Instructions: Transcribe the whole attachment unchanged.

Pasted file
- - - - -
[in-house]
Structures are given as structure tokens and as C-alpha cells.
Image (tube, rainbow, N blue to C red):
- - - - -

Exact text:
[in-house]
Structures are given as structure tokens and as C-alpha cells.
Image (tube, rainbow, N blue to C red):